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I'm wondering if there is a light bulb that could illuminate a room like a regular light bulb, yet you can't see the emission of the source of the light. I've been wondering this for along time, the event where a room is illuminated but no light source can be seen.

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    $\begingroup$ Do you mean "illuminate a room"? Emitting a room means the room is coming out of the light bulb. $\endgroup$ – The Photon Jul 5 '16 at 2:23
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    $\begingroup$ This is not possible. If there is light, then there must be a source - unless all walls are 100% reflective (which is equally impossible). $\endgroup$ – hdhondt Jul 5 '16 at 2:28
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If I understand your question right you want to know if there is a way to illuminate a room without being able to locate the source of light. This rules out usual sources like light bulbs, fluorescent lamps, candles, etc... I imagine that you have in mind a situation like in a computer graphics scene where you can see a room, even if no obvious light source is seen. This is called ambient light, by the way.

Well, in real life this is much trickier. One way to illuminate a closed room in a way that comes close would be to build all walls of milk glass (or some similar material to diffuse the light) with large flat screens (or maybe OLEDs) behind them. This way all the walls uniformly emit light into the room. Ideally there should be no shadow casting, so that no pointlike light source can be identified.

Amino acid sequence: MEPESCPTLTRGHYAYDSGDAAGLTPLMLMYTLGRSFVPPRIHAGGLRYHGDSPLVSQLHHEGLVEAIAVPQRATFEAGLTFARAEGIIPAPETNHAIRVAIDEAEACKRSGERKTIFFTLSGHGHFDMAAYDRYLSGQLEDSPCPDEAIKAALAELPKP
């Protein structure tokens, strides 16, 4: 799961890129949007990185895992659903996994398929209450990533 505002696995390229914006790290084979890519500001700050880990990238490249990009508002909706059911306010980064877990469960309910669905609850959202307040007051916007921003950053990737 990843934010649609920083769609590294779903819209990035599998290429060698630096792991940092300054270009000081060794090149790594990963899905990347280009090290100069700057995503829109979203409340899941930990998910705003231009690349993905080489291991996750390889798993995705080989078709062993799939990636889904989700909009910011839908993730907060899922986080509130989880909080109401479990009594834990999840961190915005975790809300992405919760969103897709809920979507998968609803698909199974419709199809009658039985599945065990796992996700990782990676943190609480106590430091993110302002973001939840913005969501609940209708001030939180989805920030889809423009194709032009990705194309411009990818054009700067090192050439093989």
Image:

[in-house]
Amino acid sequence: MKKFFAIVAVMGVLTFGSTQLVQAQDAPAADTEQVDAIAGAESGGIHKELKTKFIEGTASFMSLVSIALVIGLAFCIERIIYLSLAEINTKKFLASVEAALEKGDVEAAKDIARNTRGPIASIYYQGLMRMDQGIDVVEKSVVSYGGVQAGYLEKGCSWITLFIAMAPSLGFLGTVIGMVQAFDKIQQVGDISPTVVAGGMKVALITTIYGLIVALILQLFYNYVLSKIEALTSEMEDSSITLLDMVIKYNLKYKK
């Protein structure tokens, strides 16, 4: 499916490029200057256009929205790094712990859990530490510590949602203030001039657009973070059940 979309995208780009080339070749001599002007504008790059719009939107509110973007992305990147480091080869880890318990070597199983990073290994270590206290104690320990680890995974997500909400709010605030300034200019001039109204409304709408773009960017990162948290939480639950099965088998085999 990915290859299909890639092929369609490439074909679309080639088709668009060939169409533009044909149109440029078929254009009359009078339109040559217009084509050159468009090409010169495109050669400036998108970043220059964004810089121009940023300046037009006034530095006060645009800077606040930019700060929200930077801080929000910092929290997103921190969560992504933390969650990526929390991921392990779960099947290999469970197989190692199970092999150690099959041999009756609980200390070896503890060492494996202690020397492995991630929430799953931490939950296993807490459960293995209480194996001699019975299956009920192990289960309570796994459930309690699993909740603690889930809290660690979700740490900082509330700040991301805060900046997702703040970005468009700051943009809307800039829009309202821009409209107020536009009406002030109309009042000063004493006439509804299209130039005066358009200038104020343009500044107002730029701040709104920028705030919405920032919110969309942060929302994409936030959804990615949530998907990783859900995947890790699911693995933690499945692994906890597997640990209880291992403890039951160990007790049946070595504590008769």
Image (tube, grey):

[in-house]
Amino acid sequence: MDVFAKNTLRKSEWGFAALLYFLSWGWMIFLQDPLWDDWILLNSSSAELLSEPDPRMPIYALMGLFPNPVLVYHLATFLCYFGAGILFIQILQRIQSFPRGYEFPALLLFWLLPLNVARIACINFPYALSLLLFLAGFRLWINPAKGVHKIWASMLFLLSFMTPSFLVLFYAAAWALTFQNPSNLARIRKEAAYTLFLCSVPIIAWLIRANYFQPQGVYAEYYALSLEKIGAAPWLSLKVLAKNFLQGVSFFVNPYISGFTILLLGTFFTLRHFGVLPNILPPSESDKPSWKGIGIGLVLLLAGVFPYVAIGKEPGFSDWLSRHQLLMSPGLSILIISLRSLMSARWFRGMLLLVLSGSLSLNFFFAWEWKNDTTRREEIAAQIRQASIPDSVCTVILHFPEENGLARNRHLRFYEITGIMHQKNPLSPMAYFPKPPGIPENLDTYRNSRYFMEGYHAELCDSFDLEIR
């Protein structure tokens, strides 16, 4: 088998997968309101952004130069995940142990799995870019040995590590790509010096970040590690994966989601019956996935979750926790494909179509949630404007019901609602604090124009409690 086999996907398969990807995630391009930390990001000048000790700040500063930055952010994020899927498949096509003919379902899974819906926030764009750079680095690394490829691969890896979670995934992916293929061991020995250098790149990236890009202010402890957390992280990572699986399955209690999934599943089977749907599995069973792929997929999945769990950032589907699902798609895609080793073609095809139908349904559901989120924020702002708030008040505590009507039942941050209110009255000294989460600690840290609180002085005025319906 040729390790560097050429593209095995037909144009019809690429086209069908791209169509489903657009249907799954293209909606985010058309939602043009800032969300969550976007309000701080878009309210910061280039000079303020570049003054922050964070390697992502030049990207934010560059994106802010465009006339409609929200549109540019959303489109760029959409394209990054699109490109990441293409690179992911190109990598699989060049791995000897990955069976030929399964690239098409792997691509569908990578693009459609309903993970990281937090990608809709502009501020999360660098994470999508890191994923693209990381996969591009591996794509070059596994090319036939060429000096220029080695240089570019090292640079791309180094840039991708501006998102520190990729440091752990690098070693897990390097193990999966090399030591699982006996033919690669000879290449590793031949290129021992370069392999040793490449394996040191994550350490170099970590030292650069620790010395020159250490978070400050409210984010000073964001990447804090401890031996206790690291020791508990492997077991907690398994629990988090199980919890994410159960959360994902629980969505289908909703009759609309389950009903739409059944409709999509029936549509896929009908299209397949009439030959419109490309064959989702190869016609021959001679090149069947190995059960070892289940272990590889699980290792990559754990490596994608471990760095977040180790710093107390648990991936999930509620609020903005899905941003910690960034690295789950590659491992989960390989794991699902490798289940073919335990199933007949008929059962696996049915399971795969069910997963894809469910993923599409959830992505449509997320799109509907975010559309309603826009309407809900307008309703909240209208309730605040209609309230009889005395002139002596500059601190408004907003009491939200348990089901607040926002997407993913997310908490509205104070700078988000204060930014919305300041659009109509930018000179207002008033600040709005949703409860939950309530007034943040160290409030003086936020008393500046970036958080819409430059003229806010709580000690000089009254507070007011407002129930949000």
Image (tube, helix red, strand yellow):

This was a more realistic solution I could think of. However, if you really want a "light bulb without the bulb" within the room the only way I can think of is to make the air itself emit light. This can be achieved by heating it up to several thousand degrees. Essentially your whole room is now inside of a giant candle flame.

A less destructive method would be to replace the air by a rarefied gas and apply strong electric fields. Electrons accelerated by the electric fields hit the gas molecules and excite them, whereupon they deexcite again and emit light. Now you have turned the room into the inside of a giant fluorescent lamp.

So basically you have to create a light source big enough that you can build your room inside the light emitting medium.

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  • $\begingroup$ One might also coat the walls with an upconversion phosphor paint and pump in TONS of near-infrared light so that the walls all fluoresce. $\endgroup$ – user122066 Jul 5 '16 at 4:20
  • $\begingroup$ yeah, I like that one ^_^ $\endgroup$ – Sentry Jul 5 '16 at 13:43
  • $\begingroup$ Wow thanks. Now I understand now. It just seemed easy in 3D rendering and wondered if I could replicate. Thanks $\endgroup$ – URSkrub Jul 14 '16 at 1:22

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